# Kissing the frog: A mathematician's guide to mating

### Finding the Decision Numbers

As discussed in the main article, if the frogs are randomly numbered between 0 and 1, with the prince having the highest number, there is a sequence of decision numbers associated with the best strategy for choosing the top frog. Since we're meant to be doing some maths, we need some notation. We'll consider the general case with frogs, and let the number on the th frog be , . In addition, we'll try to find an *increasing* sequence of decision numbers, , , such that we kiss the th frog if it has the largest number seen so far and . In other words, to think about kissing the last frog we need , the next to last frog, , and so on. The reasons for this back to front numbering of the decision numbers should become clear below.

Let's assume that the th frog has the largest number so far on its back, , which we'll write as just to make things look nicer on the page. There are therefore frogs still to come out of the pond. If we kiss the frog, the probability that he's the handsome prince is equal to the probability that the remaining frogs have numbers less than , which is . That's the easy part of the calculation. The next bit is rather more tricky, but basically just involves counting (or combinatorics as it's rather grandly called by mathematicians).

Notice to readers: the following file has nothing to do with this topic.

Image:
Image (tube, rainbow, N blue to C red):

If we don't kiss the frog, but choose the next one with number larger than , we can work out the probability that we kiss the prince by considering the situation when there are exactly frogs remaining that have numbers higher than the current frog's, , and adding up our answers for all possible values of . The probability that there are exactly frogs remaining that are numbered higher than is equal to times the number of different ways that we can choose frogs from the final , which is

*first*in the sequence of higher-numbered frogs, which is the only position in which he can get kissed, is therefore

(1) |

(2) |

### What happens as *k* gets large?

We can see from the graphs in the main article that as , but how fast does this happen? In order to do this, we need to find the positive solution of equation (1) when is large. You could have a think about how you might do this before reading on, but I'll warn you that it's not easy. The summed part of equation (1) looks like a binomial series, except for the factor of multiplying the terms. However, if we differentiate the series, this goes away. This suggests that we can write the equation as an integral of a binomial series, and a little experimentation shows that equation (1) is equivalent to

(3) |

(4) |

(5) |